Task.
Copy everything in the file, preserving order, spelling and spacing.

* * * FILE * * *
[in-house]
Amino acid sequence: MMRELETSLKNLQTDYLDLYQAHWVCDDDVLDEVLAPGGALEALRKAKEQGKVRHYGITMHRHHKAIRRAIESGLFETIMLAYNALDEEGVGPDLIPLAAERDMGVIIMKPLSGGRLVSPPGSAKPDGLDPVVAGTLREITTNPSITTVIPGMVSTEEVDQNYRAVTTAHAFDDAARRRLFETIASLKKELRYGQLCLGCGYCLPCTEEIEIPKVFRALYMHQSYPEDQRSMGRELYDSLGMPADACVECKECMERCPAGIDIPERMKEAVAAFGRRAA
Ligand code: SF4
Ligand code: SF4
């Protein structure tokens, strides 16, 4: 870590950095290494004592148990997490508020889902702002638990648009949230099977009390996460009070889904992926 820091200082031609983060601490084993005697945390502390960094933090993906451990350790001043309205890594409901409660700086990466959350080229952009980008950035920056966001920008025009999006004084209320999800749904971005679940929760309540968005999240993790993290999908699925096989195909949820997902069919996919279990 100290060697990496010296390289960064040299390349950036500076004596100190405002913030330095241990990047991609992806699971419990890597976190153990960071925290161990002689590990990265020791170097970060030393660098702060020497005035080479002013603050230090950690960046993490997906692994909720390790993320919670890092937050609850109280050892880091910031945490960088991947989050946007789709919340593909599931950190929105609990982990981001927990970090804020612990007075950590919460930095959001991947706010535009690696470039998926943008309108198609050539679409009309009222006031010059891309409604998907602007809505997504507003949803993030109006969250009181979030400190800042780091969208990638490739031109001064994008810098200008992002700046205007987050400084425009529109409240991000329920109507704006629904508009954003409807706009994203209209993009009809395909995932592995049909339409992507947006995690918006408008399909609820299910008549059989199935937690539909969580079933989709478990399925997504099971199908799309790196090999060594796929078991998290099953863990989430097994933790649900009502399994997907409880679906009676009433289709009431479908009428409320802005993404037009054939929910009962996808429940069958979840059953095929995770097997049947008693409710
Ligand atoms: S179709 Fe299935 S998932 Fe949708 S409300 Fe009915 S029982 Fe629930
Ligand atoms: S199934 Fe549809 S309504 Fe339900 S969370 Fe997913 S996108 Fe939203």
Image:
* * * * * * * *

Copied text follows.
[in-house]
Amino acid sequence: MMRELETSLKNLQTDYLDLYQAHWVCDDDVLDEVLAPGGALEALRKAKEQGKVRHYGITMHRHHKAIRRAIESGLFETIMLAYNALDEEGVGPDLIPLAAERDMGVIIMKPLSGGRLVSPPGSAKPDGLDPVVAGTLREITTNPSITTVIPGMVSTEEVDQNYRAVTTAHAFDDAARRRLFETIASLKKELRYGQLCLGCGYCLPCTEEIEIPKVFRALYMHQSYPEDQRSMGRELYDSLGMPADACVECKECMERCPAGIDIPERMKEAVAAFGRRAA
Ligand code: SF4
Ligand code: SF4
């Protein structure tokens, strides 16, 4: 870590950095290494004592148990997490508020889902702002638990648009949230099977009390996460009070889904992926 820091200082031609983060601490084993005697945390502390960094933090993906451990350790001043309205890594409901409660700086990466959350080229952009980008950035920056966001920008025009999006004084209320999800749904971005679940929760309540968005999240993790993290999908699925096989195909949820997902069919996919279990 100290060697990496010296390289960064040299390349950036500076004596100190405002913030330095241990990047991609992806699971419990890597976190153990960071925290161990002689590990990265020791170097970060030393660098702060020497005035080479002013603050230090950690960046993490997906692994909720390790993320919670890092937050609850109280050892880091910031945490960088991947989050946007789709919340593909599931950190929105609990982990981001927990970090804020612990007075950590919460930095959001991947706010535009690696470039998926943008309108198609050539679409009309009222006031010059891309409604998907602007809505997504507003949803993030109006969250009181979030400190800042780091969208990638490739031109001064994008810098200008992002700046205007987050400084425009529109409240991000329920109507704006629904508009954003409807706009994203209209993009009809395909995932592995049909339409992507947006995690918006408008399909609820299910008549059989199935937690539909969580079933989709478990399925997504099971199908799309790196090999060594796929078991998290099953863990989430097994933790649900009502399994997907409880679906009676009433289709009431479908009428409320802005993404037009054939929910009962996808429940069958979840059953095929995770097997049947008693409710
Ligand atoms: S179709 Fe299935 S998932 Fe949708 S409300 Fe009915 S029982 Fe629930
Ligand atoms: S199934 Fe549809 S309504 Fe339900 S969370 Fe997913 S996108 Fe939203």
Image: